On her first day of school in pre-World War II Germany, Ruth Adler Schnee strolled into class in a bright yellow sweater her mother had knit. “The radiant sun is coming,” Schnee’s teacher exclaimed. “Ah, the radiant sun.”

The Radiant Sun

Oct. 24 at 2 p.m.
Helmut Stern Auditorium

Those bright colors of yellow and orange became a favorite of Schnee, a prominent modernist textile designer now in her late 80s. Her journey from Holocaust survivor to Detroit immigrant to important designer in the 1950s modernist movement is now the subject of “The Radiant Sun,” a narrative documentary by Terri Sarris. The film is co-produced by University of Maryland Associate Professor of Architecture Ronit Eisenbach.

Sarris, a full-time senior lecturer in the University’s Screen Arts & Cultures department, developed an absorbing interest in artists over the years. This is her second film documenting the work of an artist or designer, tracing the moments that encouraged him or her to pursue the arts. One of Sarris’s previous films, “Buzzards Steal Your Picnic,” which captures the process of Detroit composer Frank Pahl, won best Michigan film in the Ann Arbor Film Festival in 2008 and the Detroit International Documentary Festival in 2007.

“I’m really kind of fascinated by why people become artists and why they persevere against the challenges artists encounter,” said Sarris, who met Detroit-based Schnee through a mutual friend a few years ago.

Sarris is also interested in the design from the mid-century modernist period, exemplified now on TV’s “Mad Men.” She wasn’t familiar with Schnee’s designs before she began the documentary, but now can pick them out of a lineup.

“I find myself watching ‘Mad Men’ now and trying to see if they use any of her designs, because they are so identifiable,” Sarris said.

“The Radiant Sun” tells Schnee’s story by mixing archival images and footage with stories Schnee narrates of her own life. The result is a chronological narrative structure that lets Schnee and her work speak for themselves.

“I didn’t feel the need to interview other people to serve as expert testimony about how important she is, because I think you can see her importance from her design and what she lived through,” Sarris said, adding that she wanted the film to be an intimate story-telling session like the ones she found so engrossing as she befriended Schnee.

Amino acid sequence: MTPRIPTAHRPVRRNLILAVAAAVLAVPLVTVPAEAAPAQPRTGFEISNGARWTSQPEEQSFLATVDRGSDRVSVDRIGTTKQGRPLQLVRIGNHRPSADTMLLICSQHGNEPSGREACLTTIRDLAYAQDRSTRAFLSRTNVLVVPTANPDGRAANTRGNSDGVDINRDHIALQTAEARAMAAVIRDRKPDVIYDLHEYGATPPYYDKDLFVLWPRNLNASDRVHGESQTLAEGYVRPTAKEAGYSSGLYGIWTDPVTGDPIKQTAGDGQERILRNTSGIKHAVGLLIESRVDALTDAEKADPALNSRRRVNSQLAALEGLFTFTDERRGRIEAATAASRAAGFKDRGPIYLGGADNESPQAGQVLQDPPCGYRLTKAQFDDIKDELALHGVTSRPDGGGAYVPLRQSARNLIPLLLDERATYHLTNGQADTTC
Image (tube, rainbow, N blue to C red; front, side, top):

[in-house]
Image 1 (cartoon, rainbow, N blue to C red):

Schnee became an especially interesting subject to feature because she broke through — and was limited by — the expectations placed on women during the 1950s.

“I’ve always looked to women artists for inspiration, because as a woman artist, I feel I have a lot to learn from women who have been artists before me,” Sarris said.

And Sarris found Schnee’s challenges particularly compelling. If the struggle of raising three children while sustaining a creative practice and business isn’t enough, Schnee ultimately had to switch from her original interest in architecture to textile design because of the lack of job equality between men and women.

After graduating from the Rhode Island School of Design and the Cranbrook Academy of Art, Schnee interned in New York City with famous designer and architect Raymond Loewy, who designed the Coca-Cola bottle. But she realized that, as a Jewish woman, she would probably not be able to find a permanent job. She shifted interests to a realm where women were more accepted.

“This is not an uncommon story for women, to realize that they’ll be involved in design, but maybe not actually designing the buildings themselves,” Sarris said, adding that it is still sometimes an “uphill climb” for women to be taken seriously in fields like architecture.

Sarris’s interest in women artists is reflected in the film’s form as well as content.

“Think of this as a new form, of a woman making a film about another woman’s work … a conversation between women,” Sarris said.

Continuing that conversation off screen, Schnee and the documentary’s producers will discuss “The Radiant Sun” after the showing. University of Michigan Museum of Art will display a selection of Schnee’s textiles in cases near the auditorium.

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